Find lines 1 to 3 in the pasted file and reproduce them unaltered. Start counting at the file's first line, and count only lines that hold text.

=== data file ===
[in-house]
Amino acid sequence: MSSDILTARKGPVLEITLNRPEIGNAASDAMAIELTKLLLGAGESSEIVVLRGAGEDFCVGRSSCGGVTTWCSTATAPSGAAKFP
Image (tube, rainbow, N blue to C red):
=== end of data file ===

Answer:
[in-house]
Amino acid sequence: MSSDILTARKGPVLEITLNRPEIGNAASDAMAIELTKLLLGAGESSEIVVLRGAGEDFCVGRSSCGGVTTWCSTATAPSGAAKFP
Image (tube, rainbow, N blue to C red):